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Publication numberUS4297205 A
Publication typeGrant
Application numberUS 06/134,125
Publication dateOct 27, 1981
Filing dateMar 26, 1980
Priority dateSep 28, 1978
Publication number06134125, 134125, US 4297205 A, US 4297205A, US-A-4297205, US4297205 A, US4297205A
InventorsRodney L. Mieville
Original AssigneeStandard Oil Company (Indiana)
Export CitationBiBTeX, EndNote, RefMan
External Links: USPTO, USPTO Assignment, Espacenet
Reforming with a catalyst comprising iridium, zirconia, and alumina
US 4297205 A
Abstract
There is disclosed a catalyst for the reforming of hydrocarbon streams. This catalyst comprises iridium as a hydrogenation component on a support of zirconia and alumina. The support comprises zirconia in an amount of about 3 wt.% to about 15 wt.% zirconia or at least 60 wt.% zirconia. The iridium is present in an amount of about 0.05 wt.% to about 1.5 wt.%, calculated as the metal and based upon the total weight of the catalyst.
Also disclosed is a reforming process, which process comprises contacting a hydrocarbon stream in a reaction zone under reforming conditions and in the presence of hydrogen with the above-described catalyst.
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Claims(10)
What is claimed is:
1. A process for the reforming of a hydrocarbon stream, which process comprises contacting said stream in a reaction zone under hydroforming conditions and in the presence of hydrogen with a catalyst comprising iridium as a hydrogenation component on a support of zirconia and alumina, said support comprising about 3 wt.% to about 15 wt.% zirconia or at least 60 wt.% zirconia.
2. A process for the reforming of a hydrocarbon stream, which process comprises contacting said stream in a reaction zone under hydroforming conditions and in the presence of hydrogen with a catalyst consisting essentially of iridium as a hydrogenation component on a support of zirconia and alumina, said support comprising zirconia in an amount that falls within the range having a lower value that is greater than 3 wt.% and an upper value of about 10 wt.% zirconia or in an amount that is at least 90 wt.% zirconia.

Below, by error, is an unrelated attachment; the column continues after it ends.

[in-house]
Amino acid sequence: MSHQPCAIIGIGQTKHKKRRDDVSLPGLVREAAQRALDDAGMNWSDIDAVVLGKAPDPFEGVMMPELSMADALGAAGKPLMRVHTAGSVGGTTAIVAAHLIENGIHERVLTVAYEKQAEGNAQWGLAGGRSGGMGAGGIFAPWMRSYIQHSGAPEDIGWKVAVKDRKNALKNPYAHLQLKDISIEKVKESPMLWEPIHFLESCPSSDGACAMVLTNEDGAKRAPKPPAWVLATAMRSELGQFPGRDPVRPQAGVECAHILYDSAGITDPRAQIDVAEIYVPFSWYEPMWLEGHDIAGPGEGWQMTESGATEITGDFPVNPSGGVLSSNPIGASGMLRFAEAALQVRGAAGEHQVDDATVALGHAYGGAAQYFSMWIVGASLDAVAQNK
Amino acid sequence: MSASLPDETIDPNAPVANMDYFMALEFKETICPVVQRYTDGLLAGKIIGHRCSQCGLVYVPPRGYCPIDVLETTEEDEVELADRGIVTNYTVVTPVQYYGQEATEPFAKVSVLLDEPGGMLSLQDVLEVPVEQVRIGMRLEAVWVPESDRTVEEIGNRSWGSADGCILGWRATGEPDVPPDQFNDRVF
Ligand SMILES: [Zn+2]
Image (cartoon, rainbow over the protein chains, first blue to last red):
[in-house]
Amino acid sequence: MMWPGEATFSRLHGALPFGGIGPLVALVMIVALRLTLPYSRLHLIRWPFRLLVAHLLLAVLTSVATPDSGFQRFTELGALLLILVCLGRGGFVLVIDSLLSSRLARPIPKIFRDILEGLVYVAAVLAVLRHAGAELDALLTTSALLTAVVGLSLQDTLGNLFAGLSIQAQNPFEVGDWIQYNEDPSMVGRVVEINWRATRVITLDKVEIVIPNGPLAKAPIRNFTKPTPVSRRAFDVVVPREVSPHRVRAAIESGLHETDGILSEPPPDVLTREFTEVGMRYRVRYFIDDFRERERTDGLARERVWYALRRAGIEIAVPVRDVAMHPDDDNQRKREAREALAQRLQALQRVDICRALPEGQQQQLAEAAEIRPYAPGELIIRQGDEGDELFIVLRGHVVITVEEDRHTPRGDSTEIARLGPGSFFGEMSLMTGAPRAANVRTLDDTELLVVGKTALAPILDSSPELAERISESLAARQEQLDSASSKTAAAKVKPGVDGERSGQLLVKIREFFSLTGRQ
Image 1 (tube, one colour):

3. A process for the reforming of a hydrocarbon stream, which process comprises contacting said stream in a reaction zone under hydroforming conditions and in the presence of hydrogen with a catalyst consisting essentially of iridium as a hydrogenation component on a support of zirconia and alumina, said support comprising zirconia in an amount that falls within the range having a lower value that is greater than 3 wt.% and an upper value of about 15 wt.% zirconia or in an amount that is at least 60 wt.% zirconia, said iridium being present in an amount of about 0.05 wt.% to about 1.5 wt.%, calculated as the metal and based upon the total weight of said catalyst.
4. The process of claim 1, wherein said hydroforming conditions comprise an average catalyst bed temperature within the range of about 427 C. (800 F.) to about 538 C. (1,000 F.), a pressure within the range of about 446 kPa (50 psig) to about 4,928 kPa (700 psig), a hydrogen recycle rate within the range of about 267 m3 /m3 (1,500 SCFB) to about 2,136 m3 /m3 (12,000 SCFB), a WHSV within the range of about 0.5 weight unit of hydrocarbon per hour per weight unit of catalyst to about 10 weight units of hydrocarbon per hour per weight unit of catalyst, and a hydrogen-to-hydrocarbon mole ratio within the range of about 1 to about 50.
5. A process for the reforming of a hydrocarbon stream, which process comprises contacting said stream in a reaction zone under hydroforming conditions and in the presence of hydrogen with a catalyst consisting essentially of iridium as a hydrogenation component on a support of zirconia and alumina, said support comprising zirconia in an amount that falls within the range having a lower value that is greater than 3 wt.% and an upper value of about 10 wt.% zirconia or in an amount that is at least 90 wt.% zirconia, said iridium being present in an amount of about 0.05 wt.% to about 1.5 wt.%, calculated as the metal and based upon the total weight of said catalyst.